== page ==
Printing an Extra Blank Envelope

by Allen Wyatt
(last updated April 2, 2013)

Some of the folks in Jim's office use Word's Envelope feature to print one-time envelopes. Their default printer is a network printer configured to print duplex by default. Every time they print a single envelope, it prints two—the real one and a blank one. Jim is wondering how they can stop this behavior.

There are two things you can check to determine the cause of the problem. One is to check to see if your network printer automatically prints a separator page for each job it prints. Determining this should be easy; just print two separate documents to that printer and see if there is a separator page added by the printer itself between the jobs. If there is, then you'll want to talk to your network admin to see if this separator page can be eliminated when printing envelopes.

The more likely culprit is that the printer, even though you are printing a single page, still thinks it needs to print two pages in order to fulfill its directive to print duplex. You can figure this out by simply turning off duplex printing for your print job.

How you go about this depends on your printer. What you want to do is get to the printer properties, but you cannot get to them through the Envelopes feature. Instead, you need to close the Envelopes and Labels dialog box and then press Ctrl+P. From the resulting options you can choose Printer Properties to display the settings available on your printer.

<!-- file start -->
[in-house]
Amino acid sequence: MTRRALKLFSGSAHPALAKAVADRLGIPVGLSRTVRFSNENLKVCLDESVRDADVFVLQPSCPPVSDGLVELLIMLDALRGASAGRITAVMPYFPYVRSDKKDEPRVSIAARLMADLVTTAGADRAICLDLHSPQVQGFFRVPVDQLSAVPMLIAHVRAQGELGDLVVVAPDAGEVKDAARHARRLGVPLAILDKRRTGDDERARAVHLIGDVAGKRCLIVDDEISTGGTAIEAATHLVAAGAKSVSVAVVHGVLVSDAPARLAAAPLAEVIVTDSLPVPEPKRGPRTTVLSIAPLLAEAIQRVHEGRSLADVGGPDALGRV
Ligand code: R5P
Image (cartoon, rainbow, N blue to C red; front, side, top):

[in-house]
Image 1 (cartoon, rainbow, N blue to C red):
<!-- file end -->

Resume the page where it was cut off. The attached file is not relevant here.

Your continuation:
Poke around in the printer properties (they vary from printer to printer) and find the control that handles duplex printing. Make sure it is set explicitly to single-sided printing. Close the dialog box and then press Esc to get out of the print options. You can now use the Envelope feature to print your desired one-time envelope. The settings you changed in the Printer Properties dialog box should remain in place for at least this single print job, and they will override the default duplex setting on the printer itself.

WordTips is your source for cost-effective Microsoft Word training. (Microsoft Word is the most popular word processing software in the world.) This tip (12174) applies to Microsoft Word 2007 and 2010.

Author Bio

Allen Wyatt

With more than 50 non-fiction books and numerous magazine articles to his credit, Allen Wyatt is an internationally recognized author. He  is president of Sharon Parq Associates, a computer and publishing services company. ...

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